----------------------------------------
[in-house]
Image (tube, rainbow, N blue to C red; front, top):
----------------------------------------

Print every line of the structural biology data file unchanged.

[in-house]
Image (tube, rainbow, N blue to C red; front, top):